The Sebastopol course was originally surrounded by Gravenstein apple orchards. The course is 2,992 yards long from the back tees. It’s a par 62, with a rating of 57.8 and a slope of 86. Guess what surrounds the course now? Yes, beautiful grape vines.
Next up is the Fairgrounds Golf Course. No, this one isn’t surrounded by grapes but actually located in the middle of the Santa Rosa Fairgrounds horse racing dirt and grass tracks. Here’s a great place to play if your funds are running a little low.
Sebastopol GC and the Fairgrounds GC were both established in 1960.
Moving north of Santa Rosa, be sure and check out Wikiup GC (1963). Wikiup is definitely not a pitch and putt course. You can let the big dog hunt on a couple of holes.
Heading farther north, you’ll fine Healdsburg’s Tayman Park. Tayman Park is the second oldest course in Sonoma County, opening its gates in 1921. TP is a challenging course that offers many elevation changes. It has also gone through some dramatic changes over the past few years, including a new clubhouse. It also offers a 3-tiered covered driving range.
And last but not least, we head south to Cotati where you’ll find our newest layout, the Washoe Creek Golf Course.
Washoe Creek (2006) offers two separate 9-hole layouts, the Executive Course and the Short Game Course. Both are perfect for honing your short irons. You can traverse either of these courses in about an hour, so leave the big dogs at home. These courses also offer the best bang for you buck. Washoe Creek offers “Unlimited Play” so play as many rounds as you want for one small fee.
WHO LET THE DOGS OUT?
So that pretty much sums up our private clubs and 9-hole courses. Let’s move on to Sonoma County’s 18-hole courses.
Well, I’ve mentioned the Russian River area, now we’ll test your abilities along the Pacific Ocean. Let’s start from the farthest and work are way back home.
First up is Sea Ranch Golf Links, which pushes the boundaries of Sonoma County just south of Gualala.
Sea Ranch began as a 9-hole links course back in 1990. In 1996, another nine was added (6,649 yards). Designed by Robert Muir Graves, this par 72 course is open year round, weather permitting. The sea breezes and wild life make this links course a must experience on your golfing to do agenda. The only knock against Sea Ranch is that it will take over an hour to get there, depending on where you live in Sonoma County. It’s still worth the effort.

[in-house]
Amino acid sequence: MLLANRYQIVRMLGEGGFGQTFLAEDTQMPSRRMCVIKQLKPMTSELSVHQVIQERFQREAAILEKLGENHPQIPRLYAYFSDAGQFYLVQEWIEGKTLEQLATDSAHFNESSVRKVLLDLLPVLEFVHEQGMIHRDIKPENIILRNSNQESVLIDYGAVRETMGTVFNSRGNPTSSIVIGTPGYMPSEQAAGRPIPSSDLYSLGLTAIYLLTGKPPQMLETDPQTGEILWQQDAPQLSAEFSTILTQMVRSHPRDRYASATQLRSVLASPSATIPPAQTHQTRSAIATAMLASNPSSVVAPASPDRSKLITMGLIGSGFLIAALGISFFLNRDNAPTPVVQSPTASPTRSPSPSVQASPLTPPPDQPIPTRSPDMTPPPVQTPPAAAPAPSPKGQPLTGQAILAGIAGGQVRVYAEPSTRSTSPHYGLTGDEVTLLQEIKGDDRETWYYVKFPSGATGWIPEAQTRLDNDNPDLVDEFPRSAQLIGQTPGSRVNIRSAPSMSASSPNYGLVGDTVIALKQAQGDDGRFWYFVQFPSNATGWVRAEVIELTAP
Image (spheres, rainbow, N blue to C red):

Approximately four years after Sea Ranch opened its doors, the Links at Bodega Harbour offered its own Scottish style 9-hole link course in 1978. Robert Trent Jones Jr. was chosen as the architect. In 1987 a new nine was added. Sixteen of the 18 holes have spectacular views of the Pacific Ocean. The views on holes 16 and 17 are blocked by sand dunes, but you can still hear the rhythmic pounding of the surf just on the other side. Bodega Harbour is always a challenging experience, and that’s when the wind isn’t blowing the flags sideways. Throw in a gusty day and you can figure you’ll have to add a few strokes to your score.
Bodega Harbour also holds a special place in my heart after watching my son Phil ace the 148 yard seventh hole. Yes, I’m still waiting for my first ace.
Heading back inland, we’ll head south to Petaluma’s two 18-hole courses, Adobe Creek and Rooster Run.
Adobe Creek, which opened in 1993, was forced to close in Dec. of 2010 and then reopened under the direction of its sister course Rooster Run in August of 2011. Bring a few extra balls as the word creek in Adobe Creek is a little misleading. To be exact, AC has four lakes, and each one can come into play on more than just one hole. If you haven’t played it in a while you’ll notice part of the recent restoration was the elimination of some of the 72 sand traps. Adobe Creek also offers a free round of golf on your birthday, but you must take advantage of this gift from one day before to one day after your B-day.